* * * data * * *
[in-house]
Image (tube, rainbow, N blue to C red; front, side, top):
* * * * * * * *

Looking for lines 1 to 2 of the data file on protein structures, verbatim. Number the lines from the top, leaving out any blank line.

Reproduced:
[in-house]
Image (tube, rainbow, N blue to C red; front, side, top):